Bumps in the road will occur—they do for every young arm—but if you're an owner who likes to gamble on upside rather than go with the retread SP, Wood is a nice pickup.
A former tippy-top prospect, it's taken Devin Mesoraco quite a while to get going in the majors, but he seems to have done just that. Finally.
The 25-year-old's season line (.252/.312/.409) isn't fantastic, but it's a marked improvement from his first two years.
Part of the reason Mesoraco's been better is that he's actually, you know, playing. In 2011 and 2012, the young pup was plugged into a backup role behind the defensive-leaning Ryan Hanigan, which is why he had only 215 at-bats over that time.
This year? Mesoraco already has topped that number, and in his 225 ABs, he's smacked 11 doubles and eight homers—including four in 20 starts since July 1—along with 32 RBI.
With Hanigan on the DL due to a wrist injury since July 11, Mesoraco has been showing what he can do with a clear shot at the starting job in a potent Reds offense.
We've been here with Jacob Turner before, but maybe you folks need some more pickup persuading.
The 22-year-old has been on a quality start tear since coming up at the end of May. Of his 12 starts this year, nine have been quality by definition and he's surrendered more than three earned runs only once.
Sure, the wins will be few and the strikeouts are barely average (6.4 K/9), but the 2.68 ERA and 1.20 WHIP stand out.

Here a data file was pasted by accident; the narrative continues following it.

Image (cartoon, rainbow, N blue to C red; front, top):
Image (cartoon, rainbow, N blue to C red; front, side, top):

Turner is the add for consistent quality.
Yes, he has a last name sounds like something out of Shrek, but Danny Farquhar has earned the Mariners last two saves—one Saturday, one Sunday—now that Tom Wilhelmsen has lost the gig for a second time.
That makes him the closer get of the week for fantasy purposes.
Despite not being well-known, the 25-year-old rook has always shown a propensity for striking out batters in the minors, and he's sporting a 13.5 K/9 in 2013. You just might have to look the other way when it comes to that 5.09 ERA—and keep your eyes on fellow Seattle relievers Yoervis Medina and Oliver Perez.
Rajai Davis is more or less a magician on the bases, not only in how often he steals bases but even just that he's able to.
Not that he isn't super-speedy—he is—but Davis hasn't had a regular starting role with the Jays all season long. To wit, he's managed all of 197 at-bats to this point, and yet he's pilfered 34 bases—including seven in his past four games and 15 since July 1!
Davis has run his way to 34 stolen bases on the year, which ranks third in the sport. In the steals-per-times-on-base statistic, though, he's easily leading everybody. In Davis' case, it may be more appropriate to call him the frontrunner.
It's been almost two months since we last hit on Rick Porcello in this spot. Seems like he's due for another.